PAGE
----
periscope


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periscope
Light enters the top lens of a periscope, reflects off a mirror set at a 45 degree angle, travels down the periscope tube, and reflects off a second mirror, also set at a 45 degree angle. Light that reflects off the second mirror exits through the bottom lens and into the eye of the user.

per·i·scope

 (pĕr′ĭ-skōp′)
n.
Any of various tubular optical instruments that contain reflecting elements, such as mirrors and prisms, to permit observation from a position displaced from a direct line of sight.

per′i·scop′ic (-skŏp′ĭk), per′i·scop′i·cal (-ĭ-kəl) adj.
American Heritage® Dictionary of the English Language, Fifth Edition. Copyright © 2016 by Houghton Mifflin Harcourt Publishing Company. Published by Houghton Mifflin Harcourt Publishing Company. All rights reserved.

periscope

(ˈpɛrɪˌskəʊp)
n
any of a number of optical instruments that enable the user to view objects that are not in the direct line of vision, such as one in a submarine for looking above the surface of the water. They have a system of mirrors or prisms to reflect the light and often contain focusing lenses
[C19: from Greek periskopein to look around; see peri-, -scope]
Collins English Dictionary – Complete and Unabridged, 12th Edition 2014 © HarperCollins Publishers 1991, 1994, 1998, 2000, 2003, 2006, 2007, 2009, 2011, 2014

per•i•scope

art at periosteum
(ˈpɛr əˌskoʊp)

n.
an optical instrument for viewing objects in an obstructed field of vision, consisting of a tube with an arrangement of prisms or mirrors and, usu., lenses: used esp. in submarines.
[1815–25; back formation from periscopic]
Random House Kernerman Webster's College Dictionary, © 2010 K Dictionaries Ltd. Copyright 2005, 1997, 1991 by Random House, Inc. All rights reserved.
click for a larger image
periscope
Light enters the top lens of the periscope, reflects off a mirror set at a 45° angle, travels down the periscope tube, and reflects off a second mirror, also set at a 45° angle. The light that reflects off the second mirror exits through the bottom lens and into the eye of the user.

per·i·scope

(pĕr′ĭ-skōp′)
An instrument that has angled mirrors or prisms and allows objects not in the direct line of sight to be seen.
The American Heritage® Student Science Dictionary, Second Edition. Copyright © 2014 by Houghton Mifflin Harcourt Publishing Company. Published by Houghton Mifflin Harcourt Publishing Company. All rights reserved.
ThesaurusAntonymsRelated WordsSynonymsLegend:
Noun1.periscope - an optical instrument that provides a view of an otherwise obstructed fieldperiscope - an optical instrument that provides a view of an otherwise obstructed field
optical instrument - an instrument designed to aid vision
pigboat, submarine, U-boat, sub - a submersible warship usually armed with torpedoes
Based on WordNet 3.0, Farlex clipart collection. © 2003-2012 Princeton University, Farlex Inc.
Translations
بيرسكوب: مِنْظار الغَوّاصات والخَنادِق
periskop
periskop
periszkóp
sjónpípa, hringsjá
periskopas
periskops
periskop

periscope

[ˈperɪskəʊp] Nperiscopio m
Collins Spanish Dictionary - Complete and Unabridged 8th Edition 2005 © William Collins Sons & Co. Ltd. 1971, 1988 © HarperCollins Publishers 1992, 1993, 1996, 1997, 2000, 2003, 2005

periscope

[ˈpɛrɪskəʊp] npériscope m
Collins English/French Electronic Resource. © HarperCollins Publishers 2005

periscope

nPeriskop nt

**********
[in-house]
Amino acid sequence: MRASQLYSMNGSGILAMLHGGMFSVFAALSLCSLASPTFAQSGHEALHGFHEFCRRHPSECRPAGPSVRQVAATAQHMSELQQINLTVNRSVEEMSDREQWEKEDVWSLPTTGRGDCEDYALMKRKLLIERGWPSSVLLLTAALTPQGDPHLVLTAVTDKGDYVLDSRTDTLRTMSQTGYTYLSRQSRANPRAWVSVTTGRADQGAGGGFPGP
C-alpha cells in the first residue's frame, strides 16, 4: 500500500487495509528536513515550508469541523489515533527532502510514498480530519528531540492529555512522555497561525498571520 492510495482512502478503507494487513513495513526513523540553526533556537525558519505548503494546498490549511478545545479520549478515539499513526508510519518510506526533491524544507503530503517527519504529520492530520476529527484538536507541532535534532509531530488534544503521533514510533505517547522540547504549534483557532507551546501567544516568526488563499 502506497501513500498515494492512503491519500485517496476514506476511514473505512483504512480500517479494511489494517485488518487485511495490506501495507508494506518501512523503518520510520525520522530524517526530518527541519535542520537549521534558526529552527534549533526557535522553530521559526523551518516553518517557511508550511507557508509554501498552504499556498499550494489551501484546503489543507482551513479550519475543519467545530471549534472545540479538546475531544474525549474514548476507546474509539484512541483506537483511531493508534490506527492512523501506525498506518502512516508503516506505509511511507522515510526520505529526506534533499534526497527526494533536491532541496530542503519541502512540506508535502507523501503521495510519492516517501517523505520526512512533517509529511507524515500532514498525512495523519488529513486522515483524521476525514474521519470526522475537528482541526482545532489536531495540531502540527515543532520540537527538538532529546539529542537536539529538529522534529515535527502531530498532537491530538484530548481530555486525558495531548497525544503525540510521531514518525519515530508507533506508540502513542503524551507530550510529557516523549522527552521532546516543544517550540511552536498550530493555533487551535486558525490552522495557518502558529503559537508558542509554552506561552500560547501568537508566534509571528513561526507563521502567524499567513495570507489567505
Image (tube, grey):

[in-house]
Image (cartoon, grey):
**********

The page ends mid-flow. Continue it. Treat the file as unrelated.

Collins German Dictionary – Complete and Unabridged 7th Edition 2005. © William Collins Sons & Co. Ltd. 1980 © HarperCollins Publishers 1991, 1997, 1999, 2004, 2005, 2007

periscope

[ˈpɛrɪˌskəʊp] nperiscopio
Collins Italian Dictionary 1st Edition © HarperCollins Publishers 1995

periscope

(ˈperiskəup) noun
a tube containing mirrors, through which a person can look in order to see things which cannot be seen from the position the person is in, especially one used in submarines when under water to allow a person to see what is happening on the surface of the sea.
Kernerman English Multilingual Dictionary © 2006-2013 K Dictionaries Ltd.
References in classic literature ?
At first they sought to discover his location in No Man's Land; but when an officer looking over the parapet through a periscope was struck full in the back of the head with a rifle bullet which passed through his skull and fell to the bottom of the trench they realized that it was beyond the parados rather than the parapet that they should search.
Hugging the parados, messengers carried the word in both directions and presently periscopes were leveled above the parados and keen eyes were searching out the traitor.
I rose, also, and over the ship's side, I saw not two hundred yards distant the periscope of a submarine, while racing toward the liner the wake of a torpedo was distinctly visible.
Ever since entering the U-boat zone we had been on the lookout for periscopes, and children that we were, bemoaning the unkind fate that was to see us safely into France on the morrow without a glimpse of the dread marauders.
Almost at their side the periscope of a submarine had suddenly appeared.
The sub was only at periscope depth for an estimated 80 seconds as opposed to the recommended 3-5 minutes, significantly limiting opportunities for visual and electronic detection.
You've made a periscope, a tool that uses mirrors to help you see around obstacles.
Evans comes to SPS Commerce from Periscope Marketing Communications where he was director of interactive marketing.
Even though it was still dark on the surface, I didn't want the periscope breaking the surface any more than was necessary.
(NYSE: QUAD) plans to acquire Minnesota, US-based creative agency Periscope to create a platform for creating marketing campaigns across all media channels, the company said.
M2 EQUITYBITES-November 28, 2018-Quad/Graphics Plans Acquisition of Periscope to Expand Marketing Capabilities